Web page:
“We have a mobile team that tries to reach husbands and explain,” he said during an interview at Panzi hospital, which he founded to treat rape victims. “We tell them not to leave. … We tell them it is not her fault,” he said. “We tell them to … try to make an effort at a new life.”

The United Nations also has been trying to change attitudes toward rape and its victims. The world body has a large presence in Congo that includes representatives from UNICEF, the U.N. High Commissioner for Refugees, human rights and legal advisers and a peacekeeping mission known as MONUC with nearly 22,000 international and Congolese staff.

In March, U.N. Secretary-General Ban Ki-moon visited Heal Africa’s hospital and rehabilitation facility in central Goma. He met women recovering from surgery, and doctors who described the sexual violence and the local epidemic of traumatic fistula.

Mr. Ban appeared visibly shaken and passionately urged an end to impunity for rapists.

Many of their victims “had developed fistula - a rupture of the walls of the vagina, bladder and rectum that renders victims incontinent and prone to infection and disease,” Mr. Ban told reporters, probably becoming the first secretary-general in U.N. history to say the word “vagina” into a microphone.

However, the U.N. peacekeeping mission in Congo - the largest and most expensive Blue Helmet force in history - also has been tainted by accusations of sexual exploitation and abuse, making it harder for the United Nations to hold itself above rebuke.

The national Congolese army, known by its French acronym FARDC, is an even worse offender.

According to the United Nations, FARDC is responsible for one-third to one-half of all rapes and sexual violence committed in North and South Kivus. The army is also thought to be responsible for 20 percent of Congo’s rapes nationwide.

Male ‘bonding’

Respect for women has not been an easy lesson for the FARDC to learn. Even worse, demobilized soldiers and civilian men have begun to force themselves on women and children as the culture of impunity spreads.

For most men, this is an act of exerting power and forming bonds with one another, not seeking sexual satisfaction.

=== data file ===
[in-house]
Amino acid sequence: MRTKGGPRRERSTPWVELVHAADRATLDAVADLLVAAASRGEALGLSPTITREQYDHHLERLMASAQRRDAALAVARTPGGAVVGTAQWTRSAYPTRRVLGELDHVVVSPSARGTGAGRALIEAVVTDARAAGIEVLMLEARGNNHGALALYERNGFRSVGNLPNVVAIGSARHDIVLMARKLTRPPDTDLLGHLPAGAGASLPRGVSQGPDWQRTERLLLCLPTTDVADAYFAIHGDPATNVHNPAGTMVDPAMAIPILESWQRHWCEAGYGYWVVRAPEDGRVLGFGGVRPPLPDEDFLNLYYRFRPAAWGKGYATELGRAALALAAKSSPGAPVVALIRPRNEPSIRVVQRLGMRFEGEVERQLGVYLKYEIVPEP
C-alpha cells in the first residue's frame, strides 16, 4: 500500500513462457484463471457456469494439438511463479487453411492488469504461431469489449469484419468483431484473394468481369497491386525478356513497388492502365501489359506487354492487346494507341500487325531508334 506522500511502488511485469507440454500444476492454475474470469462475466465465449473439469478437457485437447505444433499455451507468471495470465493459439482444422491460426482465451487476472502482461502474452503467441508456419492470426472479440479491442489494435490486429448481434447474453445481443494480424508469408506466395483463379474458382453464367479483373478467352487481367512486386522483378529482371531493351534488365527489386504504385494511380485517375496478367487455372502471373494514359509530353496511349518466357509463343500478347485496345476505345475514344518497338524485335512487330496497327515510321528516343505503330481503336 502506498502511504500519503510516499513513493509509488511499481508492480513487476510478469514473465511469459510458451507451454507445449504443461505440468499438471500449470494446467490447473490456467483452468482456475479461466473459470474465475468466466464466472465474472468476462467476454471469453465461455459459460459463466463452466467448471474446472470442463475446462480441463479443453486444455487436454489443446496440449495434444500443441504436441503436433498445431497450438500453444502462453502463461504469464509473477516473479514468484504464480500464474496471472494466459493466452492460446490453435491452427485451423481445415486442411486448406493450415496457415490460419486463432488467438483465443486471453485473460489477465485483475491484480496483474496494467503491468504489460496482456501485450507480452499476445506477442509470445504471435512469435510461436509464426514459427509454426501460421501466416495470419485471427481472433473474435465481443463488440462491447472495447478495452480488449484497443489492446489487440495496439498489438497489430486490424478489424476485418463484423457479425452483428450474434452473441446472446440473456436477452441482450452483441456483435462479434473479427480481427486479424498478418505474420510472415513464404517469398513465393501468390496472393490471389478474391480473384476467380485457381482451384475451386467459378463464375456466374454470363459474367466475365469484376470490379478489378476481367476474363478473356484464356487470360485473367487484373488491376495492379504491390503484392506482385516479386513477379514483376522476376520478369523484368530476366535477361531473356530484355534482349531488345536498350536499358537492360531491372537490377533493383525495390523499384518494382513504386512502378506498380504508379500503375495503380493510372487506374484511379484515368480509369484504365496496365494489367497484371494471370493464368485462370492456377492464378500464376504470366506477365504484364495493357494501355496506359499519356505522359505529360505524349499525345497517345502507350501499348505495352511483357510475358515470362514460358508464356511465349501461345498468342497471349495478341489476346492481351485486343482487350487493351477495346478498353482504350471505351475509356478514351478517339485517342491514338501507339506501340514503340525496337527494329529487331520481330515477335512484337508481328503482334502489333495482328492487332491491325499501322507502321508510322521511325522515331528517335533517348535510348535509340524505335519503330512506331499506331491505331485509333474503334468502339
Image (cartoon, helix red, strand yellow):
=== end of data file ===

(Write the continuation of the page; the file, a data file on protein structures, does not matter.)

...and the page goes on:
“Sexual violence is a unit-level phenomenon that is used as a socialization practice, particularly by fighters who need to trust each other but do not know each other,” Dara Kay Cohen, a predoctoral fellow at the Center for International Security and Cooperation at Stanford University, told a recent conference in Washington sponsored by the U.S. Institute for Peace. “Gang rape is used to create cohesion, especially in institutions with consistent influxes of new members. The desire to fit in is a powerful motivator for group violence. The new members did not want to rape but were mocked and treated like they were not serious rebels,” she said.

She added that most rapes were “organized bottom-up,” not by commanders.

Tony Gambino, an aid specialist and consultant who has followed developments in Congo since he was a Peace Corps volunteer here 30 years ago, said the problem is that a generation of men has grown up without law and order.

“They have learned to live within a certain lawlessness,” he said.

Some Congolese soldiers think that having sex with virgins conveys magic powers or can even cure AIDS.

At Panzi hospital in Bukuvu, Washington-based Women for Women International and other groups dispatch large all-terrain vehicles up narrow dirt tracks to find injured women in the most isolated villages.

While there, the staffers give counseling sessions, exhorting husbands, sons and fathers to stand by their women after such terrible ordeals.

There are men who try to restore their relationships, sometimes even accepting a daughter conceived by rape. Boys, however, are another matter. Little boys born of assaults are commonly regarded as the future generation of fighters who may grow up to turn against their own families. As a result, shelters for unwanted children here often hold far more boys than girls, an anomaly compared with orphanages elsewhere in the world.

“We have a majority of boys here,” said Masika Katsuva, who runs a North Kivu shelter for women that includes an orphanage. “The women leave them so they can go home.”

Cassie Fleming contributed to this report from Washington.